‘Aren’t Trump rallies fun?’ The Donald comes to Concord

About the time Donald Trump was scheduled to start speaking Monday, an overweight man wearing a tucked in University of South Carolina football jersey, sunglasses and what I can only hope was a black wig tried to start the wave at the Cabarrus Arena & Events Center.

Boy, did he try, furiously motioning at one end of the arena, then running to the other end, gesturing wildly. In the end, the wave made it maybe once around the arena, and even then it was nothing more than a trickle.

I trekked up to Concord to see Donald Trump speak Monday afternoon because … well, honestly, sheer curiosity. What’s it like to hear Trump speak? Who are the people that come to his rallies? Will something crazy happen with his hair? (Nope.) Will he talk about his hand size? (YEP.)

Jeff Siner

With so much being written and said about his following — “the movement” — as he called it, I guess I expected something different. I expected rock-show energy. I expected to be swept up in the emotion of the crowd of more than 4,000 people, regardless of whether I agreed with the sentiment.

And sure, there were some raucous cheers when Trump said things like:

– “We are going to protect people and our Second Amendment.”

– “We’re going to build the wall … about as high as this ceiling. That’s a pretty high ceiling.”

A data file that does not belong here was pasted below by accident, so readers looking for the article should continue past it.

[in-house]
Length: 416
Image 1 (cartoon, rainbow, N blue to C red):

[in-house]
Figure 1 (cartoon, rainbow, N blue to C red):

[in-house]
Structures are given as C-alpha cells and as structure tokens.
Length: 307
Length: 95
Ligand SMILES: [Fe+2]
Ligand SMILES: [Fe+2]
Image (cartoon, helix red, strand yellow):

– “When was the last time we won anything in this country?” (Trump clearly doesn’t pay attention to international women’s soccer.)

Jeff Siner

But Trump showed up about 30 minutes late, people were trickling out well before the speech ended — presumably heading back to jobs or school — and the whole thing felt more like a trickle than a wave.

Some of the biggest cheers — and boos — came when officers escorted protestors out of the arena. It happened at least eight times: a couple groups before he started speaking, more during his rambling talk and even once after he’d finished.

Jeff Siner

When it happened, a hostility came over the room that hadn’t been there before. People were angry. Trump, naturally, fed it:

– “Get him out of here. … Nasty people. Disgusting people.”

– “Get out of here. … I didn’t think you had people like that in North Carolina.”

– After commenting on how short one male protestor was: “Go home to mommy. Tell her to tuck you in bed.”

Jeff Siner

Which brings me to the other reason I went to the rally: I wanted to talk to young people who support Trump.

More young people than I expected milled around on the floor of the arena before the event. Several wouldn’t talk to me. Many of the others, I later realized, came to protest. I watched them get escorted out in bunches.

Then I found Mark Peabody. He’s a 22-year-old student at UNC Charlotte. He stood near the back with a couple of friends, clutching a Trump sign.

What about Trump appeals to you? 

“I like the fact that he’s not a politician. He just came out of nowhere as a successful businessman and made his career as a politician. I like the fact that he doesn’t have any large donors like a lot of these politicians do, so he doesn’t really have anybody to answer to other than himself.”

Why do you think some people our age are maybe turned off by him or don’t support him? 

“I think a lot of people see negative things about candidates on social media and they don’t really do much of their own research on it, they just have like those predispositions to believe the first thing they see and kind of go off of that.”

When protesters interrupted the event for about the seventh time, Trump looked out to the crowd and said, “Aren’t Trump rallies fun?”

I mean … I don’t know. Maybe I missed something. Was anyone really having fun?

Photos: Jeff Siner/Charlotte Observer